When I first saw a compression pump I got kind of shocked. It was like this huge Michelin Man-suit with all these tubes hanging from it.
I first tried lying in a compression pump when I got one of my first bandaging treatment at the physiotherapists working at the hospital. The physiotherapist told me that the suit worked in a way that was similar to the self drainage-technique (you can read more about that here). The suit gives your limb with lymphedema a kind of a massage; air is filled into it in a way that pressures up the lymph fluid from for example your lower legs and up to your upper body. In that way the suit compensates for the lymphatic system that is not working.
You can read a bit more about the compression pump below.
- What exactly is a compression pump (and how to get it)?
- How to use it at home
What exactly is a compression pump (and how to get it)?
A compression pump is an electric inflatable suit that you put on either your legs or arms. The pump consists of a compressor which is connected to a suit via air hoses.
The pump fills up with air from the bottom and up in a way that presses the fluids in your legs or arms up to upper body. The pump fills up air into the chambers in the suit and then after filling up all the chambers with air, the pump releases all the air from the chambers again. This procedure is then repeated several times within the specific time set chosen.
The pressure in the pump can vary to fit your exact needs.
The pump has the purpose of giving a pulsating pressure massage, which can contribute to lessen the swelling in your limbs, soften the tissue and in general make the amount of discomfort from lymphedema smaller.
The compression pump is often used as part of a bandaging treatment instead of a manual lymph massage.
It should be said that you should always discuss with your doctor or physiotherapist if a compression pump is a good thing for you to be using. I do not know if it is possible that the pump in some specific cases can worsen the lymphedema. I would therefore always encourage you to discuss this with the relevant health personnel.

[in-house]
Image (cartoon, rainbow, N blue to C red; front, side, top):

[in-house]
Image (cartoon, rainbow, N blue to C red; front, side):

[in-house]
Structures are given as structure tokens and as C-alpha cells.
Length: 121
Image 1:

Private companies are selling compression pumps, for example under the name “Lympha press”. I would advise you to simply google “compression pump” or “Lympha press” and find out where you can purchase one in your neighbourhood.
A compression pump is pretty expensive, though. I believe they at this moment (2017) cost around 50.000 kr. in Denmark.
Danes, be aware that it is possible to get the compression pump publicly financed in Denmark, if you apply for it. Read more about that here.
How to use it at home
The compression pump is very simple to use at home. Down below you will find a quick introduction to the (usual) settings on a compression pump.
Program setting: The one I have has 4 different kinds of programs on it; all with the purpose of massaging my legs in a way that will get some of the “bottled up”-fluids away from my lower body. I normally choose a program that does this kind of “warming up-massage” on my legs and then afterwards the traditional pumping.
Time setting: Besides choosing a program you always have to set a timer on the machine; as in, how long do you want to lie in the pump. I have been recommended by my doctors not to lie in it less than 30 minutes, because they are not sure it will have an effect when lying in it shorter time than that. My machine has a minimum time of 20 minutes, which makes sense because you will not get much massage out of lying in it for 5 minutes for example. At the same time I have been told by my doctors that they are not sure if it will benefit me to lie in the machine more than 60 minutes; as in, they believe that the effect of lying in the machine will not be bigger by staying in it for more that 60 minutes. I usually lie in my compression pump 45-60 minutes – sometimes a bit more if my legs are very troubled and I just want to try everything I can to make them better.
Start/pause: When you have chosen the program and time setting, you just press “Start”. It is possible to press “Pause” during the massaging if you should need it, in case of feeling a bit claustrophobic for example.
When I first got my compression pump, I lied in it 45-60 minutes every single day when I came home from work. And that is also what the doctors recommend. But I have discovered that my legs seems to benefit more from me shifting between exercise and the pump during the week, so I now try to lie in the pump 3-4 times a week and then supplements with exercise like swimming or yoga – this might not be the case with every lymphedema patient, though. So discuss with your doctors what is believed to be best in your specific case. In my case my legs reacts much better on being regularly exercised instead of just focusing on spending an hour each day on lying in the pump.